Explore English Words Derived from Latin-Greek Origins

A program of Latin-Greek cross references that will enhance your English-vocabulary skills and word studies!

Experience the wonder of vocabulary words by focusing
on the Latin and Greek prefixes, roots, and suffixes
used in English vocabulary.


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Latin and Greek are significant elements in the understanding of English vocabulary.

If you have never studied Latin or Greek, the contents of this site can provide information that will repair this serious weakness in your command of English. If you were to learn fewer than three hundred selected Latin and Greek word elements (prefixes, roots, and suffixes), you would gain a new knowledge and understanding of thousands of English words, both common and not so common, derived from these two classical languages.

The basic importance of Latin in English can hardly be exaggerated. It is safe to say that more than half the words we use in our daily talk come to us from or through Latin, and the spelling of these words and their accurate use is immeasurably helped by the knowledge of their origins.

For hundreds of years after the fall of the Roman Empire, Latin was used throughout Europe as the language of education and knowledge. European scholars wrote their works in it and educated men correspoonded in Latin with other educated men of their own or different nationalities. As late as the end of Queen Elizabeth’s reign, Francis Bacon wrote his scientific works in Latin, although he was considered to be one of the most accurate and precise writers of English that the English language had ever produced. In fact, the writing of works in Latin in order to secure an international audience continued up into the eighteenth century.

The fact that Latin was the language of the educated accounts for the fact that practically any term we use connected with knowledge or any of the arts, or with religion or education, is of Latin origin. The terse primitive words in English that refer to the home, the family, or the farm are mostly from the Anglo-Saxon, but even here there is an important Latin influence.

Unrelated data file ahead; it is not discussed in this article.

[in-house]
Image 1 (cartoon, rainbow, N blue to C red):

We must remember that the Romans were in Britain for nearly 400 years and left a strong impression on the local speech, so that the Anglo-Saxons, when they arrived, picked up and incorporated a great many Latin words into their own language.

Not only did Latin come into English directly and through the medium of Anglo-Saxon, but it came in a copious stream through French. When William the Conqueror defeated the English at Senlac, in 1066, and established a Norman aristocracy in England; French became the language of the court and the landed proprietors and of the upper classes in general, and French is itself a language of almost pure Latin origin.

If it is your desire to really improve your English-language skills, then the more Latin and Greek elements you learn, the greater will be your proficiency with English words.

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English words for a Modern Age, especially those from Latin Greek sources or etymologies (prefixes, roots, suffixes) with cross reference searches

The more words you know, the more clearly and powerfully you will think...and the more ideas you will invite into your mind.

—Wilfred Funk

Flying Scarab Link for information about vocabulary words and definitions with cross reference searches from English words This ancient Egyptian hieroglyph, a flying scarab, will present an e-mail form so you can ask questions or send comments about anything related to this site.

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Word Explorations was set up on July 19, 1998.

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